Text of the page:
Are you dreaming of owning your first home in Canada but struggling to save enough money for a down payment? You’re not alone. Saving for a home can seem daunting, especially in a country with a high cost of living like Canada.
But don’t give up on your dream just yet. You can get started saving for your first home today with the right strategies and discipline. In this article, I’ll share some tips and tricks to help you save money for your first home in Canada, regardless of your income or budget.
How to Save For Your Mortgage Down Payment
Saving for your first home in Canada can seem daunting, but it’s achievable with some planning and discipline. Essentially, you need to save and save some more, spend wisely, and make more money. Here are some tips to get you started:
Determine how much you need to save
The first step is to figure out how much you need to save for a down payment on your first home. The amount you need will depend on the cost of the home you’re looking to purchase, as well as the minimum down payment required by your mortgage lender. In Canada, the minimum down payment required for a home purchase is 5% of the home’s purchase price.
Set a budget and stick to it.
Once you know how much you need to save, create a budget to save a portion of your monthly income towards your goal. Be realistic about your expenses and prioritize your savings.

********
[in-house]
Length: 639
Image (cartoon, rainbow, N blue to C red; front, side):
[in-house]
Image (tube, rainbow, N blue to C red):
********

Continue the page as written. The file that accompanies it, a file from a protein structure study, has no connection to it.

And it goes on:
Open an FHSA
The Tax-free first home savings account is new in 2022 and allows Canadians to save for a home with tax-deductible contributions, tax-free investment gains and no income tax on qualified withdrawals. This is the ultimate tool for saving for your first home in Canada because it obliges you to spend money on a home and nothing else.
Open a TFSA
with a TFSA, you can make tax-free gains and income tax-free withdrawals, but you are not restricted to what you can withdraw the funds for. There are pros and cons to this, you have liquid funds when you need them, but it may allow you to spend them when you should be saving for your pad.
Open a dedicated savings account.
Besides saving with a TFSA of FHSA, you could also open a separate savings account specifically for your home down payment. This will help you keep track of your progress and avoid dipping into your savings for other expenses.
You may not like the method here, but with three monthly savings obligations, you will save faster than you ever thought possible!
Use Your RRSP
In Canada, several government programs are available to help first-time homebuyers save for a down payment. For example, the Home Buyers’ Plan (HBP) allows you to withdraw up to $35,000 from your Registered Retirement Savings Plan (RRSP) tax-free to use towards your down payment, with the caveat that you repay it in full within five years.